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Oracle® Developer Studio 12.5: Debugging a Program with dbx

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Updated: June 2016

Capabilities of Runtime Checking

Because runtime checking is an integral debugging feature, you can perform all debugging operations while using runtime checking except collecting performance data using the Collector.

Note -  You cannot use runtime checking on Java code.

    Runtime checking provides the following capabilities:

  • Detects memory access errors

  • Detects memory leaks

  • Collects data on memory use

  • Works with all languages

  • Works with multithreaded code

  • Requires no recompiling, relinking, or makefile changes

Compiling with the –g flag provides source line-number correlation in the runtime checking error messages. Runtime checking can also check programs compiled with the optimization –O flag. There are some special considerations with programs not compiled with the -g option.

You can use runtime checking by using the check command.

When to Use Runtime Checking

To avoid seeing a large number of errors at once, use runtime checking early in the development cycle, as you are developing the individual modules that make up your program. Write a unit test to drive each module and use runtime checking incrementally to check one module at a time. This method means you deal with a smaller number of errors at a time. When you integrate all of the modules into the full program, you are likely to encounter few new errors. When you reduce the number of errors to zero, you need to run runtime checking again only when you make changes to a module.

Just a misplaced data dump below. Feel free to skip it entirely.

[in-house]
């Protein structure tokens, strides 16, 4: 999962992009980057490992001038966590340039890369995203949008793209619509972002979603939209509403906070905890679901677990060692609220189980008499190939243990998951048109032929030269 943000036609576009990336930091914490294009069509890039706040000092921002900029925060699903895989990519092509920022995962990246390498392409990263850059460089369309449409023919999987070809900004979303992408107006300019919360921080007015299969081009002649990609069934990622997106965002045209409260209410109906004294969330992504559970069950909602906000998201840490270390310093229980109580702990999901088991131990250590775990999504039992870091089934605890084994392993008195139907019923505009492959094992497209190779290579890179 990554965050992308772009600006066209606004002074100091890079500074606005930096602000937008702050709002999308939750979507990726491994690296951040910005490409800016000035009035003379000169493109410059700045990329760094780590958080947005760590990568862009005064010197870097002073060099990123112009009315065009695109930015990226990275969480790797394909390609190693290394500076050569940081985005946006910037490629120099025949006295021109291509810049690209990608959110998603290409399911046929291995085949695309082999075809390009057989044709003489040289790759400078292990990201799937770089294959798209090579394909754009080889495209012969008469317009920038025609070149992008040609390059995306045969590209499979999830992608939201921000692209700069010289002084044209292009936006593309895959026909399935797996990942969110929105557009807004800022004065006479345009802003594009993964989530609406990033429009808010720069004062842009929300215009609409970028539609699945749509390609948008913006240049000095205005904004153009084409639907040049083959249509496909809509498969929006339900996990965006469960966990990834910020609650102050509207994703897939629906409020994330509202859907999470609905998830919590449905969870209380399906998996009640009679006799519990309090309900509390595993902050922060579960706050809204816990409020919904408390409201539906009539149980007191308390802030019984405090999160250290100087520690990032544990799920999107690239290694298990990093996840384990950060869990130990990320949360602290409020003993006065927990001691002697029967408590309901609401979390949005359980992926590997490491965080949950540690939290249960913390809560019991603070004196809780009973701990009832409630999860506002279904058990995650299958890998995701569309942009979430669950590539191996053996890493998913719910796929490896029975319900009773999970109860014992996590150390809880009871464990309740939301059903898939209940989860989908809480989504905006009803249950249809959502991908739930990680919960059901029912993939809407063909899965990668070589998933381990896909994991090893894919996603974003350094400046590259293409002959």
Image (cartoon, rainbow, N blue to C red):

Runtime Checking Requirements

    To use runtime checking, you must fulfill the following requirements:

  • Dynamic linking with libc.

  • Use of the standard libc malloc, free, and realloc functions or allocators based on those functions. Runtime checking provides an application programming interface (API) to handle other allocators. See Runtime Checking Application Programming Interface.

  • Programs that are not fully stripped; programs stripped with strip -x are acceptable.

For information about the limitations of runtime checking, see Runtime Checking Limitations.